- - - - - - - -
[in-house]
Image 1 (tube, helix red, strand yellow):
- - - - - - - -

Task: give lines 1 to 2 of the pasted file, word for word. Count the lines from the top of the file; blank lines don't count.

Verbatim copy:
[in-house]
Image 1 (tube, helix red, strand yellow):